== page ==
Despite having been ’empowered’ enough in book one to keep her ‘midlife’ body, she did take the rejuvenation moment to tighten up some saggy bits and remove some cellulite, so we’re treated to lots of hot-mama oogling/dressing up scenes here (she’s also kind of a self-righteous twit because she didn’t make her vampire minion any younger). Oh, it’s so empowering to date like this! Her Carebear™ non-boyfriend does lots of flexing, growling and advice-giving when he sees her, so we get the whole alpha male scene, tempered with Breene’s point that Jessie’s magic is equally strong.

But Jessie remains just dumb here–really, the whole premise of dating when she’s head of a magical nexus that the magical universe is salivating over?–and if there’s one thing that annoys me, it’s setting up your plot based on your heroine not being security conscious. (Talk about privilege!) There’s multiple instances where she does  ‘instinctual’ magical shout-outs for ‘help’–so stupid– and the trust placed in the respondees was questionable. Honestly, I was waiting for at least one to be a double-agent. Incidentally, all of the magical learning becomes hand-wavy ‘instinct,’ with an occasional reference to a confusing book the vampire is translating (don’t even try and figure that one out).

What I did like was the non-Bigfoot creature who was more than a little obsessed with flowers. That was pretty much the most redeeming character. Everything else, passable to lame. Oh, and for those that actually want dating and sex–there were no happy-sexy times here. Just ugh.

Hey, good news! I guess I recovered from Quarantine Brain™!

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The Magpie Lord by K.J. Charles

Read August 2020
Recommended for fans of Edwardian mysteries
 ★     ★    ★    1/2

 

Written better than all of my QB™ reads, this is a fun palate-cleanser between more demanding books. Books that I’ve been avoiding, for instance, including finishing Romano’s well-done one on zombies (too long, too end-of-the-world depressing-people), Carter and Lovecraft (too creepy horror), The Light Brigade (too wartime), Indemnity Only (too 1980s sleezy Chicago crime couched in women’s rights). Idk, I really don’t, because I also hate rainbows and kittens. 

“This is the drawing room. It probably wouldn’t be so bad without the panelling, or the chairs, and if it was in a different house.”

Anyway, this is fun, fast break from all that. Sure, it opens with an almost-suicide which is a bit of an emotional slap, but we quickly find out that is unusual behavior from our extremely self-confident lead.

“But if I can’t find him through any of the clubs, we can just hang around all the filthiest opium dens in Limehouse till we meet him.”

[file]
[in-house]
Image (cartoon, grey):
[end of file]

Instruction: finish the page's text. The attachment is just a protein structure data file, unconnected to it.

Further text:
“See?” said Merrick. “Things are looking up already.”

I burned through this on a lazy Sunday afternoon on the porch, because that’s just about the perfect time and place for a read like this. Great atmosphere with the growing threat of danger, but there’s some snappy dialogue in there to also provide humor. There is an instance or two of questionable relationship behavior, but it’s interesting because the characters call themselves out on it and–this is crazy, here–have a discussion about it. I don’t know what these modern authors are coming to, actually talking out relationship stuff.

“I don’t think anyone is entitled to exploit his fellows because of an accident of birth. You’re an earl, I’m a practitioner, both of us were born this way, and neither of us is entitled to feed off other people because of it.”

Crane considered that. “I’m bloody glad you’re here.”

“Really? Because I wish to God we were both somewhere else.”

Anyway, decent mystery, interesting dynamic duo, very interesting lead characters (including Merrick). I’d read more from this team, and that’s saying something, because I’m not usually a fan of this setting. Highly preferred over something like Ministry of Peculiar Occurrences, etc.

Thanks to Nataliya for trying and sharing this gem. I highly recommend her review.

 

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The Forbidden Stars by Tim Pratt

Read August 2020
Recommended 
 ★     ★    ★    1/2

Entertaining, in a Star Trek deus ex machina kind of way.

You know that episode where they use their skills to avoid the baddie, then bump into the baddie in a different place, and then they pull out their sophisticated computer thing, and cleverly get out of hard place? But then there is another obstacle that courageous maneuvers overcome with good planning, although maybe it doesn’t seem so at the time, because the Captain had A Plan All Along? Then, even though they are on the edge of the nowhere in the universe, they decide to take on the Big Baddie For Real because it could mean The End Of All Living Things, so why not, even though it’s only Enterprise/Voyager/Discovery against a fleet, but never worry, because they’ve got technology and Human Ingenuity on their side?

It’s pretty much like that, only instead of Klingons/Romulans/Borg/Dominion, we’ve got squid.

“‘If there’s Axiom shit behind this, and I bet there is, we need to comprehensively ruin that, too.’
‘Hurray, a goal,’ Ashok said. ‘How should we start?’”

I liked it, even though it wasn’t nearly as good as the first in the series, All the Wrong Stars, which delighted and surprised me by turns. Something about this felt expected, more like the third episode of a movie–Die Hard 3, if you will–where we’re doing the familiar thing and making the familiar jokes and we know it’s all going to turn out cool. More predictable and yet less sensible, if you can catch my drift. Which, if it doesn’t, then you are totally not the candidate for reading this book.

Wilfred gaped. ‘I… we… I’m going to have to check on that, and get confirmation…’ 
‘Of course. Trust, but verify, just like it says in the Bible,’ Ashok said.”